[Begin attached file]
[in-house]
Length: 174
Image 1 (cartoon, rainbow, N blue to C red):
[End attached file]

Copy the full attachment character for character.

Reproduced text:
[in-house]
Length: 174
Image 1 (cartoon, rainbow, N blue to C red):